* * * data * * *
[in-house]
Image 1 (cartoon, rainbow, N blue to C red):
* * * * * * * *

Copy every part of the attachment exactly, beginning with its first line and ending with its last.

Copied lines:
[in-house]
Image 1 (cartoon, rainbow, N blue to C red):